TIFF’s Latest Edition of Canada’s Top Ten Crosses Boundaries and Borders

by Andrew Parker

Canada’s Top Ten, TIFF’s annual celebration of some of the past year’s greatest achievements in Canadian cinema, once again showcases a wide range of voices, tones, genres, and styles. From fantastical larks, to movies about big thinkers and dreamers, to authentic, stripped down depictions of everyday life, Canada’s Top Ten spans not only the country, but the world. And this year’s selections are some of the most inspired yet from the early-in-the-year retrospective.

Canada’s Top Ten kicks off with the latest work from a veteran filmmaker, Atom Egoyan’s Seven Veils (Thursday, January 25 at 8:30pm), which premiered at TIFF’s proper festival back in the fall and will see a wider release later this spring. For this one, Egoyan (The Sweet Hereafter, Exotica) mashes-up his career as an opera director of some renown and his more widely seen cinematic works, spinning a tale of a harried director (a brilliantly stressed out Amanda Seyfried) trying to keep a make-or-break production Salome (and her own personal life) from going off the rails. Filmed in part at the Canadian Opera Company while Egoyan was putting on his own production of Salome, Seven Veils offers a compelling and compulsively watchable tale of the ways real life can become more operatic, overstimulating, and nerve wracking than any grand epic.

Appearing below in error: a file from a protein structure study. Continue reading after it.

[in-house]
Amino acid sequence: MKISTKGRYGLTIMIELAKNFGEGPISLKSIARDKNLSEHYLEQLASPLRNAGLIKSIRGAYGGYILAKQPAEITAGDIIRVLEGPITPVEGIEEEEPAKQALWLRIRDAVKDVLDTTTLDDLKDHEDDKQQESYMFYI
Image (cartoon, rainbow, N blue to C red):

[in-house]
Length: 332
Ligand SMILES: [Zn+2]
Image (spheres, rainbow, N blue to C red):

Although younger than Egoyan, Canadian boundary pusher and low-key cinematic veteran in his own right Matt Johnson (The Dirties, Operation Avalanche) also finds his latest film becoming part of TIFF’s year end retrospective, but probably not by surprise. Under the strength of its leading performances from Jay Baruchel and Glenn Howerton and its much talked about real life inspiration, BlackBerry (Sunday, January 28 at 7:30pm, closing out this year’s programme) was the most high profile Canadian release from 2023 on a global scale. And with good reason. Blending powder keg intensity, a multi-layered storyline, and a wicked sense of humour, BlackBerry is a pitch-perfect send up of corporate culture and the various ways competing interests helped to destroy one of the tech industry’s most innovative inventions and brands.